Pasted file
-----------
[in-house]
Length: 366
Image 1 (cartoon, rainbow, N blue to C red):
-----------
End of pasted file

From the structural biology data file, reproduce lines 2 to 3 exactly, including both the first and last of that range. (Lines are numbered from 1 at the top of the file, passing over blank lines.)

Length: 366
Image 1 (cartoon, rainbow, N blue to C red):